A project of SCDNR in conjunction with the partners and sponsors detailed below.
|Name||Species||Life Stage||Release Date||Last Location||Days Transmitted|
|de Mayo||Kemp's Ridley||Juvenile||2017-07-11||2017-08-22||42|
Click on an animal's name for maps and more information.
In spring/summer 2016 and 2017, the SCDNR in partnership with the UGA Marine Extension Service will be conducting localized trawling operations off Brunswick, GA to increase the annual number of Kemp's ridley sea turtles captured in a coastal trawl survey in order to improve understanding of demographic structure, as well as to outfit a subset of these Kemp's ridley sea turtles with transmitters to monitor their seasonal distribution patterns.
The impetus for this research stems from a complete lack of within-study recaptures of more than 260 Kemp's ridley sea turtles between 2000 and 2016, in contrast to a roughly 3% recapture rate among several thousand loggerhead sea turtles captured during the same sampling efforts.
This study area was selected on the basis of being a relative 'hot spot' for Kemp's ridley sea turtles both within the 16-year in-water research data set as well as among other data sets (Henwood and Ogren, 1987; Gitschlag, 1996); proximity to the homeport of the sampling vessel as well as a state of the art sea turtle hospital; and an existing array of acoustic receivers maintained by the GADNR in conjunction with another research grant managed by the SCDNR to monitor the occurrence of acoustically-tagged animals (to include Kemp's ridley sea turtles in 2016-17).
The over-arching question that we hope to be able to answer after completion of this two-year deviation from the full regional trawl survey design is 'does the coastal trawl survey adequately sample the habitats used by Kemp's ridley sea turtles during spring/summer in the latitude range of this trawl survey'? As such, there are two critical hypotheses that we intend to test with the novel telemetry data that will be collected in 2016 and 2017.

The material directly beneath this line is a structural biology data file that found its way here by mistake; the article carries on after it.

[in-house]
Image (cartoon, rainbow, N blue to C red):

1. There is no difference in detection frequency of Kemp's ridley sea turtles in the latitude range of the trawl survey vs. latitudes south or north of the survey area.
2. There is no difference in detection frequency of Kemps' ridley sea turtles with respect to distance from shore partitioned as (a) within the trawl survey boundaries, (b) inshore of the trawl survey but still in the coastal ocean, (c) within estuarine waters, and (d) in coastal ocean waters further from shore than sampled by the trawl survey.
Henwood, T.A., and L.H. Ogren. 1987. Distribution and migrations of immature Kemp's ridley sea turtles (Lepidochelys kempi) and green turtles (Chelonia mydas) off Florida, Georgia, and South Carolina. Northeast Gulf Science 9(2): 153-159.
Gitschlag, G.R. 1996. Migration and diving behavior of Kemp's ridley (Garman) sea turtles along the southeastern Atlantic coast. Journal of Experimental Marine Biology and Ecology 205: 115-135.
This research is being conducted in partnership with the University of Georgia Marine Extension Service which owns and operates the RV Georgia Bulldog, the vessel that is used to capture sea turtles under federal and state permits. Scientific divers and other staff from the GADNR also play a vital role in this study by maintaining 30 acoustic receivers in St. Simon's Sound and in adjacent coastal waters that are used to monitor the distributional patterns of Kemp's ridley sea turtles tagged with acoustic transmitters which complement the data collected for the smaller sample size of satellite transmitter-tagged Kemp's ridley sea turtles monitored herein.